The LED boards aren't hard to install and the pass-thru data cable already handles the information, so the 900's will almost certainly get an in-house installation. They'll only have to wait until enough 700's are back to ease the car shortage, since it's probably 2-3 days of downtime to rotate each car through and test. Might be a job they lump in with the new WiFi upgrade contract the T recently signed with an outside vendor, since they'll be switching out the in-car WiFi transmitters that are now several years old for new higher-bandwidth units.

Displays in the 900's may be a secondary priority to getting the cab-active 1600's equipped with the ASA computer to complete the fleetwide installations. Having whole-train remainders without any working ASA is a bigger accessibility issue than having individual cars without the displays, since the audio pumps just fine through the old cars so long as there's an ASA cab car attached. ASA has appeared on a couple of the Old Colony-assigned 1500-series cabs, so that's definitely going to be in the cards for the rest of the cab flats. They did not install displays on those 1500's, but that's not needed for accessibility compliance if there are display-equipped bi-levels somewhere in the consist. So it's doubtful they'll bother installing displays in all the trailer flats.
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Re: Electronic Display Signs on CR Coaches

Postby jboutiet » Mon Jul 24, 2017 1:08 pm

BandA wrote:How many pins on that standard copper cable that controls the doors, etc. I'm assuming the digital data is encoded in TCP/IP that is somehow superimposed on some of the older cabling, kinda like when they added ~800MHz internet signals onto cable TV ~400MHz coax.

Can't Google "ASA Computer" and get anything. There is a company with that name. This stuff is needed for ADA compliance everywhere, there should be a Railroad Presidential Conference standardizing it.

Search for "27 point MU connector".

Also see here, pages 16.21 and 16.22.
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Re: Electronic Display Signs on CR Coaches

Postby BandA » Wed Jul 26, 2017 9:49 am

Thank you, looking at it.
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Re: Electronic Display Signs on CR Coaches

Postby sery2831 » Sat Aug 05, 2017 4:10 pm

RenegadeMonster wrote:Are there any plans to add the electronic displays to the 900s cars before their midlife overhaul?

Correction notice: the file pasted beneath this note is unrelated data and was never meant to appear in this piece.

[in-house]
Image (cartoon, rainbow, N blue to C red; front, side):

No

RenegadeMonster wrote: noticed something odd with ASA recently. Any train with a control cab that is a 1800s and has a 800s car where the Conducted likes to make manual announcements, the auto audio announcements will not fire if the conductor has his key in and the PA prepped and radio for him to talk. I'd imagine this would probably happen from the 1800s as well. The auto message still scrolls on the electronic display however.


The 800/1800 and the rebuild 700s do not have PAs with keys. You have to hold two buttons for a few seconds to acivate it and it will work for a while then time out and turn off. I HATE these! The PA heads with keys, we have found it disables the PTIS signal into the car that has the PA in PA mode and not set to OFF. When it is keyed into PA the PTIS announcement sometimes comes out of the IC speaker. It is possible to key these into the PA position without having the key in place, that is how all the cars used to be prior to the PTIS.
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Re: Electronic Display Signs on CR Coaches

Postby sery2831 » Sat Aug 05, 2017 4:13 pm

F-line to Dudley via Park wrote:
Displays in the 900's may be a secondary priority to getting the cab-active 1600's equipped with the ASA computer to complete the fleetwide installations. Having whole-train remainders without any working ASA is a bigger accessibility issue than having individual cars without the displays, since the audio pumps just fine through the old cars so long as there's an ASA cab car attached. ASA has appeared on a couple of the Old Colony-assigned 1500-series cabs, so that's definitely going to be in the cards for the rest of the cab flats. They did not install displays on those 1500's, but that's not needed for accessibility compliance if there are display-equipped bi-levels somewhere in the consist. So it's doubtful they'll bother installing displays in all the trailer flats.


WHAT? Every control car has a PTIS head unit. No blind cars will have head units installed. There is nothing installed in blind cars to make the PTIS function, it's just a simple PA broadcast.